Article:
2. Configure the Consumer
  3. Subscribe to a Topic
  4. Poll for data
  5. Deserialize and process the data

Below is a snippet of code from the ConsumerLoop class implementing the steps mentioned above.

Once deserialized, a message from Kafka is passed to the Data Adapter and eventually pushed into the Lightstreamer server to be dispatched to the web clients in the form of Add, Delete, or Update messages as requested by the COMMAND subscribe mode. The below code implements the processing of the message.

The data reception from Kafka is triggered by the subscribe function invoked in the Data Adapter when a client subscribes for the first time to the items of the demo; specifically, in the KafkaDataAdapter.java class, we have the following code:

The Simulator

The data shown by the demo are randomly generated by a simulator and published into a Kafka topic. The simulator generates flight data randomly, creating new flights, updating data, and then deleting them once they depart. To be precise, the message sent to the topic is a string with the following fields pipe separated: “destination”, “departure”, “terminal”, “status”, and “airline”. The key of the record is the flight code with the format “LS999”.

Putting things together

The demo needs a Kafka cluster where a topic with name 
departuresboard-001 is defined. You can use a Kafka server installed locally or any of the services offered in the cloud; for this demo, we used AWS MSK, which is precisely what the next steps refer to.


  1. Sign in to the AWS Console in the account you want to create your cluster in.
  2. Browse to the MSK create cluster wizard to start the creation.
  3. Given the limited needs of the demo, you can choose options for a cluster with only 2 brokers, one per availability zone, and of small size (kafka.t3.small).
  4. Choose Unauthenticated access option and allow Plaintext connection.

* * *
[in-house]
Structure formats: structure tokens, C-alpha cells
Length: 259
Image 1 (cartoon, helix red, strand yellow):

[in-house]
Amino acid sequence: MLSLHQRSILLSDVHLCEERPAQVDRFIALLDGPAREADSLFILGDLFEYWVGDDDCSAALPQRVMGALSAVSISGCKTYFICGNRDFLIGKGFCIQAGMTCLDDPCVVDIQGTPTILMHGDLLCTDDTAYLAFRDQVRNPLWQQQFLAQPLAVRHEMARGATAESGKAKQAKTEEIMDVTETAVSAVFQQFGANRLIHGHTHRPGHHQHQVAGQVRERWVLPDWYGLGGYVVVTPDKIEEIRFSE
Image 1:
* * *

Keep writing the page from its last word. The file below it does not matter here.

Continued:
5. We choose a cluster configuration such as the MSK default configuration but a single add; since in the demo only real-time events are managed, we choose a very short retention time for messages:  log.retention.ms = 2000
  6. Create a topic with name departuresboard-001.

Lightstreamer Server

  1. Download Lightstreamer Server (Lightstreamer Server comes with a free non-expiring demo license for 20 connected users) from Lightstreamer Download page, and install it, as explained in the GETTING_STARTED.TXT file in the installation home directory.
  2. Make sure that Lightstreamer Server is not running.
  3. Get the deploy.zip file from the latest release of the Demo GitHub project, unzip it, and copy the kafkademo folder into the adapters folder of your Lightstreamer Server installation.
  4. Update the adapters.xml file setting the “kafka_bootstrap_servers” parameter with the connection string of your cluster created in the previous section; to retrieve this information use the steps below:
    1. Open the Amazon MSK console at https://console.aws.amazon.com/msk/.
    2. Wait for the status of your cluster to become Active. This might take several minutes. After the status becomes Active, choose the cluster name. This takes you to a page containing the cluster summary.
    3. Choose View client information.
    4. Copy the connection string for plaintext authentication.
  5. [Optional] Customize the logging settings in log4j configuration file kafkademo/classes/log4j2.xml.
  6. In order to avoid authentication stuff, the machine running the Lightstreamer server must be in the same vpc of the MSK cluster.
  7. Start Lightstreamer Server.

Simulator Producer

From the LS_HOME\adapters\kafkademo\lib folder, you can start the simulator producer loop with this command:

Where bootstrap_server is the same information retrieved in the previous section, and the topic name is 

Web Client

As a client for this demo, you can use the Lightstreamer – DynamoDB Demo – Web Client; you can follow the instructions in the
Install section with one addition: in the src/js/const.js file, change the LS_ADAPTER_SET to

To Recap

Published on Java Code Geeks with permission by Gianluca Finocchiaro, partner at our JCG program. See the original article here: Virtual Airport Demo: Connecting Kafka to Lightstreamer

Opinions expressed by Java Code Geeks contributors are their own.

Gianluca Finocchiaro

Gianluca is a software architect working at Lightstreamer in the real-time data push domain. As lead architect of MQTT.Cool, he is mainly focused on IoT applications and architectures